I was present for both Derbys, 1975 and 78, and knew well most of the artists participating. In 1978 I was on the Safety Committee for the event. From 1975 - 1993 I served in the curatorial departments of The Oakland Museum of California, SFMMA and the SF Arts Commission, after which I founded Visual Art Access until retirement in 2017.
Supercharged with Wit, Talent, and Magic: the Artists' Soap Box Derbies
Reference specialist Elizabeth Botten shares documents that tell the story of the San Francisco Museum of Modern Art’s Artists’ Soap Box Derbies in the 1970s.
While on a walk one summer day in 1933, Myron Scott, the chief photographer for the Dayton Daily News, came upon a group of boys riding down a steep hill in makeshift cars they had fashioned out of old roller skate wheels and crates that had held peaches or soap, or any other materials they could cobble together. Watching them launch themselves down the hill in their homemade, gravity-propelled vehicles, he thought up the idea of holding a bona fide race and he asked the boys to come back the following week and bring friends. Nineteen boys turned up with their cars, and Scott took photographs and the idea of a sponsored race back to his editors. On August 19, 1933 the first soap box derby was held in Dayton, Ohio, with 362 drivers—including one girl, Alice Johnson, who came in second and stunned the crowd when she took off her helmet revealing her long hair—and forty thousand fans in the stands. By 1934 it was a national contest, the All-American Soap Box Derby, with thirty-four newspapers and the Chevrolet Motor Company serving as sponsors. Over the next several decades the Derby would become a national obsession that, as writer Melanie Payne notes, showed “the effects of the Depression, World War II, the baby boom, the Civil Rights movement, and the rise of feminism.” But in 1975 and 1978, on sunny May days in a San Francisco park, the racetrack belonged to artists.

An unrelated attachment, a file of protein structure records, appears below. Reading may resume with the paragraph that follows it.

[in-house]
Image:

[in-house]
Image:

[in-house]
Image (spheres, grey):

Billed as the “most unique” event ever produced by the San Francisco Museum of Art (SFMA), co-chairs Margy Boyd and Wally Goodman promised the Artists’ Soap Box Derby would be a race “supercharged with wit, talent, magic, and the honest sweat of nearly 100 Bay Area artists.” The idea for an artists’ derby was sparked by Ohio-born sculptor and painter Fletcher Benton as a fundraiser for the museum. Artists were recruited for the May 18, 1975 event to create original works of art in the form of cars or trophies—a few opted to do both—with an expense budget of $100 and $25 respectively. Seventy-nine artists built cars and thirty artists created award trophies in categories such as Most Amorphous, Fastest-Looking, Most Macabre, Most Literary, Best Pun, Most Bio-degradable, Funkiest, Most Joyful, Most Humane, Most Illusory, and The Booby Prize. Though the race was a non-competitive event, there were also awards for the three fastest cars.